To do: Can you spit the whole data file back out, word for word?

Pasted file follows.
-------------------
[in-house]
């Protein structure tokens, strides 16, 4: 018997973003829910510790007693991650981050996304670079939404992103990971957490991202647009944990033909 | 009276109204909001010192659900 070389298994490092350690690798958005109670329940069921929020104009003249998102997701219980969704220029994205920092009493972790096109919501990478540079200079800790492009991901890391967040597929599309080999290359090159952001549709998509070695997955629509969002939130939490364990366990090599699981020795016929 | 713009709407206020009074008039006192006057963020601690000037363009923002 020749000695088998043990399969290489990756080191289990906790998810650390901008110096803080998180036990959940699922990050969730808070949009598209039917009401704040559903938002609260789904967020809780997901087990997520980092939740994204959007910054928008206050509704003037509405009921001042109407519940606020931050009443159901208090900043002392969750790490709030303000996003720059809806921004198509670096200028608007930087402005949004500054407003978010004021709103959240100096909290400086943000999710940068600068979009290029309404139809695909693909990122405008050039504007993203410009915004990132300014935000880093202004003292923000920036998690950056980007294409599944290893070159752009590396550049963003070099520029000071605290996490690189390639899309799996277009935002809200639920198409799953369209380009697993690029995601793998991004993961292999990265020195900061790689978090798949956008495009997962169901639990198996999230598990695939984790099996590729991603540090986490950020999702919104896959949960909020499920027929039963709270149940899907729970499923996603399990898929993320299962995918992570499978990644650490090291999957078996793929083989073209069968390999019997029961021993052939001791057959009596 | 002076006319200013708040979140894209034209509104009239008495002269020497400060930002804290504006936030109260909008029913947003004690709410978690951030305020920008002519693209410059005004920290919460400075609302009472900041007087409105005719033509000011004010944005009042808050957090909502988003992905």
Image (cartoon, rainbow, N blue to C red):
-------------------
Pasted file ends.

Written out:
[in-house]
């Protein structure tokens, strides 16, 4: 018997973003829910510790007693991650981050996304670079939404992103990971957490991202647009944990033909 | 009276109204909001010192659900 070389298994490092350690690798958005109670329940069921929020104009003249998102997701219980969704220029994205920092009493972790096109919501990478540079200079800790492009991901890391967040597929599309080999290359090159952001549709998509070695997955629509969002939130939490364990366990090599699981020795016929 | 713009709407206020009074008039006192006057963020601690000037363009923002 020749000695088998043990399969290489990756080191289990906790998810650390901008110096803080998180036990959940699922990050969730808070949009598209039917009401704040559903938002609260789904967020809780997901087990997520980092939740994204959007910054928008206050509704003037509405009921001042109407519940606020931050009443159901208090900043002392969750790490709030303000996003720059809806921004198509670096200028608007930087402005949004500054407003978010004021709103959240100096909290400086943000999710940068600068979009290029309404139809695909693909990122405008050039504007993203410009915004990132300014935000880093202004003292923000920036998690950056980007294409599944290893070159752009590396550049963003070099520029000071605290996490690189390639899309799996277009935002809200639920198409799953369209380009697993690029995601793998991004993961292999990265020195900061790689978090798949956008495009997962169901639990198996999230598990695939984790099996590729991603540090986490950020999702919104896959949960909020499920027929039963709270149940899907729970499923996603399990898929993320299962995918992570499978990644650490090291999957078996793929083989073209069968390999019997029961021993052939001791057959009596 | 002076006319200013708040979140894209034209509104009239008495002269020497400060930002804290504006936030109260909008029913947003004690709410978690951030305020920008002519693209410059005004920290919460400075609302009472900041007087409105005719033509000011004010944005009042808050957090909502988003992905």
Image (cartoon, rainbow, N blue to C red):